The core CPI, which excludes food and energy, was unchanged in April. The overall CPI showed prices falling 0.1 percent because of substantial declines in the prices of gasoline and natural gas. Falling energy prices were balanced out by rising prices for meat, poultry, fish and eggs. I guess my low-carb breakfasts have become pricier.
Mortgage markets will look kindly upon the news of low inflation in April, even as pessimists complain that high inflation is right around the corner because of deficit spending from governments.
That brings us to the most important development of this week so far: capital flight from Europe. The euro fell to a four-year low against the dollar yesterday, after Germany banned short-selling of stocks and bonds. It appears that investors moved their money across the Atlantic to our shores. As a result, yields on mortgage bonds and Treasury notes fell. Mortgage rates felt downward pressure, too.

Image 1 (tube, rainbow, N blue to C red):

I'm about to cast my vote for this week's Rate Trend Index, and I'm torn. It's hard to believe that, with rates this low, they won't rise soon. On the other hand, there's low inflation here and there's fear in Europe. I guess rates are likely to remain about the same over the coming week, or even drop further. But I probably would lock my rate, anyway, if I were in the position of pondering whether to lock or float. Just to be safe and ensure getting a low rate.